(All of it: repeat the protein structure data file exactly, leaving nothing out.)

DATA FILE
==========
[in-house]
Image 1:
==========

[in-house]
Image 1: